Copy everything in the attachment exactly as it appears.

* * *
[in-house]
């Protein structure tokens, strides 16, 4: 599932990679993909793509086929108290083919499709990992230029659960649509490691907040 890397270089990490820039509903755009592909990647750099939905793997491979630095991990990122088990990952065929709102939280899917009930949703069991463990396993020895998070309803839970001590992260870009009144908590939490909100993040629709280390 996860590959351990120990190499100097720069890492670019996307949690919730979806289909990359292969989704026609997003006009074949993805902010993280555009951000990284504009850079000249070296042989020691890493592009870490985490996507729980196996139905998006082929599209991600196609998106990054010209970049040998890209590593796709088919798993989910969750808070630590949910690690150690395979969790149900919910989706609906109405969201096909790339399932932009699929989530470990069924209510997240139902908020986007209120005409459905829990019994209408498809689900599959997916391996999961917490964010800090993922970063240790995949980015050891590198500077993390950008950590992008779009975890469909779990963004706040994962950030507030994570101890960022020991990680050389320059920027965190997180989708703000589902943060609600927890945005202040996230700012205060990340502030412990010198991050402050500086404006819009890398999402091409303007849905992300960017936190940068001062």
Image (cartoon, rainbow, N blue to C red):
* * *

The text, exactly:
[in-house]
């Protein structure tokens, strides 16, 4: 599932990679993909793509086929108290083919499709990992230029659960649509490691907040 890397270089990490820039509903755009592909990647750099939905793997491979630095991990990122088990990952065929709102939280899917009930949703069991463990396993020895998070309803839970001590992260870009009144908590939490909100993040629709280390 996860590959351990120990190499100097720069890492670019996307949690919730979806289909990359292969989704026609997003006009074949993805902010993280555009951000990284504009850079000249070296042989020691890493592009870490985490996507729980196996139905998006082929599209991600196609998106990054010209970049040998890209590593796709088919798993989910969750808070630590949910690690150690395979969790149900919910989706609906109405969201096909790339399932932009699929989530470990069924209510997240139902908020986007209120005409459905829990019994209408498809689900599959997916391996999961917490964010800090993922970063240790995949980015050891590198500077993390950008950590992008779009975890469909779990963004706040994962950030507030994570101890960022020991990680050389320059920027965190997180989708703000589902943060609600927890945005202040996230700012205060990340502030412990010198991050402050500086404006819009890398999402091409303007849905992300960017936190940068001062």
Image (cartoon, rainbow, N blue to C red):